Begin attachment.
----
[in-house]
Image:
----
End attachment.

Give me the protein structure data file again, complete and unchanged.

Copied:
[in-house]
Image: